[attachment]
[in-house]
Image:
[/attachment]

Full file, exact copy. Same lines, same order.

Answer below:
[in-house]
Image: